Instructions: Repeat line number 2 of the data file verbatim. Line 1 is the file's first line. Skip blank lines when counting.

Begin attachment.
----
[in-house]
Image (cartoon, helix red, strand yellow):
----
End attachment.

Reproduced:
Image (cartoon, helix red, strand yellow):